US lawmakers publicly denounced the killing of an Indian engineer by an American navy veteran in an apparent hate crime in Kansas City, saying there is no place for these senseless acts of violence in the country.
Srinivas Kuchibhotla, a 32-year-old working at GPS-maker Garmin headquarters in Olathe, died of bullet injuries at a hospital after he was shot by the navy veteran yelling "get out of my country" and "terrorist" at a bar on Wednesday night in Kansas City in the state of Missouri.
His Indian colleague Alok Madasani was critically injured when the 51-year-old veteran opened fire on them.
Read | Kansas hate attack: Wife of Indian techie killed by American shooter asks 'do we belong here'
A third person, an American who tried to intervene, was also injured.
"We can't let hatred win," said Indian-American senator from California Kamala Harris.
"Extremely saddened to hear the news out of Kansas. My sympathies go out to the victims and their families," the Democratic senator said in a tweet.
I strongly condemn the shooting in Kansas. Xenophobia has no place in our communities. My thoughts are with the victims & their families.— Kamala Harris (@SenKamalaHarris) February 24, 2017
"My thoughts are with the victims and families shaken by the shooting in Kansas. Senseless acts of violence have no place in our country. I'm heartbroken by this tragedy," said Congresswoman Pramila Jayapal.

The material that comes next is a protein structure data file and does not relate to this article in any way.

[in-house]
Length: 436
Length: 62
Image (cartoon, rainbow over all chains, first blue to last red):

Jayapal is the first Indian-American woman ever elected to the US House of Representatives.
The incident has reignited fears of hate crimes among the immigrant Indian community.
Read | Kansas shooting an attack on US values: Indian-American Congressman
According to eyewitnesses, the shooter believed the victims were from the Middle East.
Jayapal said since Donald Trump's election as the US president in November, hate crimes have risen as a result of his administration's controversial ideas against immigrants.
In the Seattle suburb of Redmond, a Muslim Association of Puget Sound mosque was twice vandalised since the election.
"This is not normal. We must declare our entire country a hate-free zone and fight to protect it as such. During this moment of tragedy, I stand with Indian-Americans, Muslim-Americans, and all groups impacted by the dangerous rhetoric coming out of the Trump administration," Jayapal added.
Indian-American Congressman from California Ro Khanna in a statement said his condolences go out to the families of the men involved in this senseless act of violence in Kansas City.
"Any act of violence fuelled by hatred and xenophobia and prejudice cannot be tolerated. I have faith in local and federal law enforcement to justly investigate this shooting as a hate crime," Khanna said.
Democratic Congressman from California Brad Sherman said the victims and their families were in his thoughts and prayers. "Xenophobia and hatred do not belong in America."